On December 2, 2015, Syed Farook and Tashfeen Malik opened fire in a crowded banquet room in San Bernadino, California, killing 14 and injuring dozens in the deadliest terror attack to take place in the United States since September 11, 2001. As part of their investigation into the couple’s plans, movements and known assoc iates, the FBI requested that Apple help them access the data stored on Farook’s cell phone, which they believed would yield crucial information. Apple declined, in part relying on the right to privacy guaranteed by the Fourth Amendment.This case and others based around the same crucial questions are making their way through the court system: What limits does the Constitution place on the right of the government to access the private information of U.S. citizens? What is the proper Constitutional balance to strike between the right of Americans to maintain privacy in their communications and the right of the government to intrude upon that privacy to achieve legitimate law enforcement and national security objectives? With the advent of email, cell phones, text messaging, blogs and social media, more information about the private lives and habits of Americans is accessible than at any time in the history of the United States. At the same time, the resources and apparatus available to the government to examine and use this information are likewise more extensive than ever before. Participants in the 2016 WALKS Constitution Essay Contest were asked to examine these issues and formulate an opinion based upon the Constitution, the intentions of the Founding Fathers and prior legal precedent. The Constitution Essay Contest was established in 1962 by two Hartford attorneys, Messrs. Tilney and Taylor, to encourage an in-depth, thoughtful study of the United States Constitution among history students at the WALKS schools. Each year the History Department Chair at the host school selects a relevant aspect of the Constitution based on current events, and students are asked to research the original intent of the Founding Fathers, the various ways that the Constitution has been applied over time, and prior court cases which have examined the issue. After students submit their essays, the History Department Chair at each school selects two finalists. The ten finalist essays – without student name or school name – are then submitted to a contest judge, who spends a number of weeks reviewing the papers and choosing a winner and two runners-up. Each April the ten finalists as well as the Heads of School, History Department Chairs, WALKS Advisory Board members and other guests gather for an awards dinner, highlights of which include comments by the contest judge, discussion of opposing points of view among students, and presentation of awards to all finalists. This year’s contest judge was Barry Deonarine, a Westminster graduate with a JD from Stanford Law School. From 1993 to 1996, he worked as an Assistant District Attorney in the Nassau County District Attorney's Office in New York, where he was responsible for the prosecution of criminal cases from arrest to trial. After leaving the DA's Office, he spent a year as an associate at a large Manhattan corporate firm but missed the dynamics of the courtroom. Since 1997, Barry has been in private practice in Manhattan, representing clients in a wide range of criminal and civil matters. During the awards dinner, Barry commented on the growing number of electronic privacy cases facing the judicial system and the precedents being set by the courts’ decisions. The student finalists weighed in on the conflict between the Fourth Amendment right to privacy and the government’s mandate to provide for the security of the nation. Barry commended all the finalists for their thorough research and college-level writing skills. The essay that stood out, however, based on its persuasive arguments and particularly in-depth research, was written by Chloe Ezzo ’17 from Kingswood Oxford School. As this year’s winner, Chloe received a $200 prize and had her name engraved on the winners’ tray which is now on display at Kingswood Oxford until next year’s contest. Chris Ennis ’17 and Anna Wilson ’17, both of Suffield Academy, were selected as first and second runners-up respectively. The other seven finalists were: Cooper Bellet ’17 and Hyeonjo Jeong ’17 of Westminster School, Nathan Bergin ’17 and Carson Drew ’17 of Avon Old Farms, Gloria Yi ’17 and Jason Liu ’17 of Loomis Chaffee, and Alec Rossi ’17 of Kingswood Oxford. All finalists received a certificate of recognition and a copy of the book Playing to the Edge: American Intelligence in the Age of Terror by Michael Hayden. We congratulate Chloe and her fellow finalists on their outstanding performance in this year’s contest! Americans have always treasured their right to privacy – but the digital age in which we live today is raising new questions about the boundaries of that privacy. The Supreme Court’s decision in Riley v. California and United States v. Wurie, 2014, stated in part: “Modern cell phones are not just another technological convenience. With all they contain and all they may reveal, they hold for many Americans ‘the privacies of life’... The fact that technology now allows an individual to carry such information in his hand does not make the information any less worthy of the protection for which the Founders fought.” As technology continues to progress at a rapid pace, it seems clear that the question of how private our electronic devices really are will continue to be debated both inside and outside of the courtroom.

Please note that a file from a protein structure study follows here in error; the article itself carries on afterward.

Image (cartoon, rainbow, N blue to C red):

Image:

WALKS expresses its thanks to the following donors whose outstanding gifts of $5,000-$30,000 are providing direct support to one or more scholarship recipients, each recognized by the name of his or her sponsor. If either you or your company is interested in sponsoring a Named Scholar, contact the WALKS Treasurer for more information.
Heads of School at the five WALKS Schools
The WALKS Foundation and the WALKS Scholars are grateful for the generous contributions of the following individuals, families, foundations and corporations during the 2015-2016 fiscal year: